Instructor: Rami Grossberg
Office: WEH 7204
Phone: x8482 (268-8482 from external lines), messages at x2545
Office Hours: I will be in my office today (Wedesday, May 9th), if you want to see me please stop by or send email.
Purpose. The goal of this course is to provide a successor to
Algebraic Structures (21-373), with an emphasis on applications of
groups, rings, and fields within algebra to some major classical
problems. These include constructions with a ruler and compass, and
(un) solvability of equations by radicals. It also offers an opportunity
to see group theory and basic ring theory "in action", and introduces
several powerful number theoretic techniques.
The basic ideas and methods required to study finite fields will also be
introduced, these have recently been applied in a number of areas of
theoretical computer science including primality testing and
Course description. We will start with a review of ring theory.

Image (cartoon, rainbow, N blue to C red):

Definitions and examples, field extensions, adjunction of roots,
algebraic numbers, dimension formula, constructions with ruler and
compass (it is impossible to trisect an arbitrary angle, and it is
impossible to duplicate the cube), splitting fields, existence (and
uniqueness) of algebraic closure, symmetric polynomials, Galois groups,
Galois extensions, the Galois correspondence theorem for characteristics
0, permutations and simplicity of An, unsolvability by radicals of the
general quintic, characterization of finite fields (and their
multiplicative groups), Wedderburn's theorem (optional), transcendental
extensions, Steinitz's theorem on trascendence degree.
Text: "Abstract Algebra" by D. S. Dummit & R. M. Foote. 2nd
edition Published by John Wiley & Sons, 1999.
Test Dates: The second midterm will be held on Monday 4/23 instead of a lecture.
Evaluation: There will be two one hour tests (in class), weekly homework
assignments, and a three hour final. These will be weighted as
Prerequisites. Algebraic Structures or Math Studies.
In the fall semesater I will be teaching a follow up of this course. It is 21-611, for more information click here .
Rami's home page.
|Last modified: May 9th, 2001|